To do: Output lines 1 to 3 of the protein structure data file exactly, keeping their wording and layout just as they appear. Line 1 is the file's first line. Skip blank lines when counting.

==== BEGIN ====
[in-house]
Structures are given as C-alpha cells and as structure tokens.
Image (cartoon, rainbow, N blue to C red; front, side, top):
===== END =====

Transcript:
[in-house]
Structures are given as C-alpha cells and as structure tokens.
Image (cartoon, rainbow, N blue to C red; front, side, top):